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And this explains why 𝜑 always shows up in the numerical play where you’re just hitting enter on your calculator over and over, but 𝜑’s little brother never does.
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Now as to whether or not you wanna consider 𝜑’s little brother a valid value of the infinite fraction, well, that’s really up to you.
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Everything we just showed suggests that if you think of this expression as representing a limiting process.
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Then because every possible seed value other than 𝜑’s little brother gives you a series converting to 𝜑, it does feel kinda silly to put them on equal footing with each other.
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But maybe you don’t think of it as a limit.
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Maybe the kind of math you’re doing lends itself to treating this as a purely algebraic object, like the solutions of a polynomial which simply has multiple values.
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Anyway, that’s beside the point.
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And my point here is not that viewing derivatives as this change in density is somehow better than the graphical intuition on the whole.
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In fact, picturing an entire function this way can be kind of clunky and impractical as compared to graphs.
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My point is that it deserves more of a mention in most of the introductory calculus courses.
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Because it can help make a student’s understanding of the derivative a little bit more flexible.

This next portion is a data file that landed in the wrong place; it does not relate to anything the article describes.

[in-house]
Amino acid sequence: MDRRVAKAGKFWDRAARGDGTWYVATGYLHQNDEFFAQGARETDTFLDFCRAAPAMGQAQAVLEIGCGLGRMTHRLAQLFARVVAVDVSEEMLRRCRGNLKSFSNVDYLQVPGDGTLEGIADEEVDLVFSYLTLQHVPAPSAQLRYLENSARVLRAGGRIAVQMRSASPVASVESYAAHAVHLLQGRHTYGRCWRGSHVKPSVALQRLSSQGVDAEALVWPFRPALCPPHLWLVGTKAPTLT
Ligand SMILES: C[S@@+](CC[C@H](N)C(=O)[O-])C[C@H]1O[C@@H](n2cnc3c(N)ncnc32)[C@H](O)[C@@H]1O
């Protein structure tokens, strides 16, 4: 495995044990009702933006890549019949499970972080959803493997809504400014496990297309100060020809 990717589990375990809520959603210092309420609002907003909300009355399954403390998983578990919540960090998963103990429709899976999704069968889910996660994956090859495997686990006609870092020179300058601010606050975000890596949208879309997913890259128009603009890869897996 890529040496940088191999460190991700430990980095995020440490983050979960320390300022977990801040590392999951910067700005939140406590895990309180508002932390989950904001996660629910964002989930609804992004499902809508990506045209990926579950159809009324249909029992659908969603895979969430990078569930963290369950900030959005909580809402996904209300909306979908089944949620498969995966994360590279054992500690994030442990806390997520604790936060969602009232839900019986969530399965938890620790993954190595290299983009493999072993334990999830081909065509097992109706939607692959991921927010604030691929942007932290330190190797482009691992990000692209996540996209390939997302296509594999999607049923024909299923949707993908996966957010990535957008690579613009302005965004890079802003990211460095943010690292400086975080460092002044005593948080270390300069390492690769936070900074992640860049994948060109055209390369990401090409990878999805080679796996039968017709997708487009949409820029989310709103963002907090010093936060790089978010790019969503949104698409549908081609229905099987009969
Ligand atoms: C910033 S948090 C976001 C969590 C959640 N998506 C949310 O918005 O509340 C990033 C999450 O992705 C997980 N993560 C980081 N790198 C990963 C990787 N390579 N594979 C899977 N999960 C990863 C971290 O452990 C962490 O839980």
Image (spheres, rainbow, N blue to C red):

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Like I mentioned, the real reason that I’d recommend you carry this perspective with you as you learn new topics is not so much for what it does with your understanding of single variable calculus, it’s for what comes after.
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There are many topics typically taught in a college math department which — how shall I put this lightly?
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— don’t exactly have a reputation of being super accessible.
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So in the next video, I’m gonna show you how a few ideas from these subjects with fancy sounding names, like holomorphic functions and the Jacobian determinant, are really just extensions of the idea shown here.
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They really are some beautiful ideas, which I think can be appreciated from a really wide range of mathematical backgrounds.
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And they’re relevant to a surprising number of seemingly unrelated ideas.
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So stay tuned for that.